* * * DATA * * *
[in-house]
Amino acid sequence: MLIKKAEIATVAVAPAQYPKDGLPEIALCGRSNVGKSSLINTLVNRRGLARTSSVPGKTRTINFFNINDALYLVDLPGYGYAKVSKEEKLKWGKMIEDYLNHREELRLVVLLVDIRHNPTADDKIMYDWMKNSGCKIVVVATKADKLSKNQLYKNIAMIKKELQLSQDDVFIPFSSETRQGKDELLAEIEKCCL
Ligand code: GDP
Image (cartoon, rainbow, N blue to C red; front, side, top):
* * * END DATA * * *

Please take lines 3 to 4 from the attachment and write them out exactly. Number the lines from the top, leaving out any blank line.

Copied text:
Ligand code: GDP
Image (cartoon, rainbow, N blue to C red; front, side, top):